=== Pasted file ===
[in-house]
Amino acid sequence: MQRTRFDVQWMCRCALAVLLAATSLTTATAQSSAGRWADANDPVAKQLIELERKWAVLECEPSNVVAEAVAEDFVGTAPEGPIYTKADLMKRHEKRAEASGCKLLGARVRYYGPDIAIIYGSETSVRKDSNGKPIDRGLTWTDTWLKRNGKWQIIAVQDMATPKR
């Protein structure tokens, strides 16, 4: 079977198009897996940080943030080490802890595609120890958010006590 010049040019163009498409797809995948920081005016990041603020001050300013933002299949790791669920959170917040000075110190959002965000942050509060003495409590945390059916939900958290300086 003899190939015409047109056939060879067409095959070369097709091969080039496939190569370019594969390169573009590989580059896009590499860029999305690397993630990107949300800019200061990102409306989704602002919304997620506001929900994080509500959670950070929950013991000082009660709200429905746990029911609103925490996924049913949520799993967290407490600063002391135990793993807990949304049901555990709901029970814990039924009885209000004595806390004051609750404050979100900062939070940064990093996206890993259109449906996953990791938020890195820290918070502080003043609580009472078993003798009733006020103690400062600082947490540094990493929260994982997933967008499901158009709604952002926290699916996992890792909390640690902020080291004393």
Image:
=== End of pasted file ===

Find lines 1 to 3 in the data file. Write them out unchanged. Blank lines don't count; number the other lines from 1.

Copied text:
[in-house]
Amino acid sequence: MQRTRFDVQWMCRCALAVLLAATSLTTATAQSSAGRWADANDPVAKQLIELERKWAVLECEPSNVVAEAVAEDFVGTAPEGPIYTKADLMKRHEKRAEASGCKLLGARVRYYGPDIAIIYGSETSVRKDSNGKPIDRGLTWTDTWLKRNGKWQIIAVQDMATPKR
């Protein structure tokens, strides 16, 4: 079977198009897996940080943030080490802890595609120890958010006590 010049040019163009498409797809995948920081005016990041603020001050300013933002299949790791669920959170917040000075110190959002965000942050509060003495409590945390059916939900958290300086 003899190939015409047109056939060879067409095959070369097709091969080039496939190569370019594969390169573009590989580059896009590499860029999305690397993630990107949300800019200061990102409306989704602002919304997620506001929900994080509500959670950070929950013991000082009660709200429905746990029911609103925490996924049913949520799993967290407490600063002391135990793993807990949304049901555990709901029970814990039924009885209000004595806390004051609750404050979100900062939070940064990093996206890993259109449906996953990791938020890195820290918070502080003043609580009472078993003798009733006020103690400062600082947490540094990493929260994982997933967008499901158009709604952002926290699916996992890792909390640690902020080291004393």